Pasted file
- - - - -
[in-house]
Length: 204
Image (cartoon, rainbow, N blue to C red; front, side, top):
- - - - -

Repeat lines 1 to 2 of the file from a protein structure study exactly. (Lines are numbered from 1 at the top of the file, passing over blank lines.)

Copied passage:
[in-house]
Length: 204